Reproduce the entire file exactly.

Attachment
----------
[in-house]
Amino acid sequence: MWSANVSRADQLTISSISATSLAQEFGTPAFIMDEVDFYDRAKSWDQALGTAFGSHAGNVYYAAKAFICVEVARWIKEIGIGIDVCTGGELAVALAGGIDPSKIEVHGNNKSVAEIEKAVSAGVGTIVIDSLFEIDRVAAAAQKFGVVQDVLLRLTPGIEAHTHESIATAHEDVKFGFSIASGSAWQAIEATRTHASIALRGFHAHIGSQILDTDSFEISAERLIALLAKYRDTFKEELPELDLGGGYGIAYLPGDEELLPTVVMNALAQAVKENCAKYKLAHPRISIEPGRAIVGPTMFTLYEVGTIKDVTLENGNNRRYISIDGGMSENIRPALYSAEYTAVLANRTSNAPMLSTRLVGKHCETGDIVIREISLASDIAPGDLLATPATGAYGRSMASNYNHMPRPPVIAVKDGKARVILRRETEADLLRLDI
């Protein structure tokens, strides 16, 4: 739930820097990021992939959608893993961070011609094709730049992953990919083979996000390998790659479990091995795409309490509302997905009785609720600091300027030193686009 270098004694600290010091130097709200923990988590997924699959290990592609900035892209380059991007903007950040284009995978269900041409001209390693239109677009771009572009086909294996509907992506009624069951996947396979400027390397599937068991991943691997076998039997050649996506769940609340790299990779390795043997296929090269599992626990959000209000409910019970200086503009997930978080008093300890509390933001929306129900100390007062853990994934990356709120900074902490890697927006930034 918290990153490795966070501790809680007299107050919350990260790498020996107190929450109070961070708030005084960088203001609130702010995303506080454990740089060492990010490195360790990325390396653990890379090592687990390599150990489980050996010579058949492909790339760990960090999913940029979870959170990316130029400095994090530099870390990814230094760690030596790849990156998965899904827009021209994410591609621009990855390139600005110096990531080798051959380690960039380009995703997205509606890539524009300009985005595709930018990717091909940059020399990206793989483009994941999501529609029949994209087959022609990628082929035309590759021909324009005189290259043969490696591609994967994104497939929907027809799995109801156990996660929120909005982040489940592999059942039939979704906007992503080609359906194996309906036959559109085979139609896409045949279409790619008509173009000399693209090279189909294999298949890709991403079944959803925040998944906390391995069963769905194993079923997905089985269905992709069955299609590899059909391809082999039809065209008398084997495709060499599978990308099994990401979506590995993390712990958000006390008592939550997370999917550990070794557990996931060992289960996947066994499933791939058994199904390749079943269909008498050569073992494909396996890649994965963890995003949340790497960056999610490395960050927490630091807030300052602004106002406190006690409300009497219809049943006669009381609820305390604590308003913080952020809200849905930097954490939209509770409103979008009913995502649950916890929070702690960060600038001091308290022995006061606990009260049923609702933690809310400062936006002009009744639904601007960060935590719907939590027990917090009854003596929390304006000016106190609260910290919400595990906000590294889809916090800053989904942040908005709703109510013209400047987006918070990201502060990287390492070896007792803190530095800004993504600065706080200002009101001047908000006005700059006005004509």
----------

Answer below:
[in-house]
Amino acid sequence: MWSANVSRADQLTISSISATSLAQEFGTPAFIMDEVDFYDRAKSWDQALGTAFGSHAGNVYYAAKAFICVEVARWIKEIGIGIDVCTGGELAVALAGGIDPSKIEVHGNNKSVAEIEKAVSAGVGTIVIDSLFEIDRVAAAAQKFGVVQDVLLRLTPGIEAHTHESIATAHEDVKFGFSIASGSAWQAIEATRTHASIALRGFHAHIGSQILDTDSFEISAERLIALLAKYRDTFKEELPELDLGGGYGIAYLPGDEELLPTVVMNALAQAVKENCAKYKLAHPRISIEPGRAIVGPTMFTLYEVGTIKDVTLENGNNRRYISIDGGMSENIRPALYSAEYTAVLANRTSNAPMLSTRLVGKHCETGDIVIREISLASDIAPGDLLATPATGAYGRSMASNYNHMPRPPVIAVKDGKARVILRRETEADLLRLDI
């Protein structure tokens, strides 16, 4: 739930820097990021992939959608893993961070011609094709730049992953990919083979996000390998790659479990091995795409309490509302997905009785609720600091300027030193686009 270098004694600290010091130097709200923990988590997924699959290990592609900035892209380059991007903007950040284009995978269900041409001209390693239109677009771009572009086909294996509907992506009624069951996947396979400027390397599937068991991943691997076998039997050649996506769940609340790299990779390795043997296929090269599992626990959000209000409910019970200086503009997930978080008093300890509390933001929306129900100390007062853990994934990356709120900074902490890697927006930034 918290990153490795966070501790809680007299107050919350990260790498020996107190929450109070961070708030005084960088203001609130702010995303506080454990740089060492990010490195360790990325390396653990890379090592687990390599150990489980050996010579058949492909790339760990960090999913940029979870959170990316130029400095994090530099870390990814230094760690030596790849990156998965899904827009021209994410591609621009990855390139600005110096990531080798051959380690960039380009995703997205509606890539524009300009985005595709930018990717091909940059020399990206793989483009994941999501529609029949994209087959022609990628082929035309590759021909324009005189290259043969490696591609994967994104497939929907027809799995109801156990996660929120909005982040489940592999059942039939979704906007992503080609359906194996309906036959559109085979139609896409045949279409790619008509173009000399693209090279189909294999298949890709991403079944959803925040998944906390391995069963769905194993079923997905089985269905992709069955299609590899059909391809082999039809065209008398084997495709060499599978990308099994990401979506590995993390712990958000006390008592939550997370999917550990070794557990996931060992289960996947066994499933791939058994199904390749079943269909008498050569073992494909396996890649994965963890995003949340790497960056999610490395960050927490630091807030300052602004106002406190006690409300009497219809049943006669009381609820305390604590308003913080952020809200849905930097954490939209509770409103979008009913995502649950916890929070702690960060600038001091308290022995006061606990009260049923609702933690809310400062936006002009009744639904601007960060935590719907939590027990917090009854003596929390304006000016106190609260910290919400595990906000590294889809916090800053989904942040908005709703109510013209400047987006918070990201502060990287390492070896007792803190530095800004993504600065706080200002009101001047908000006005700059006005004509």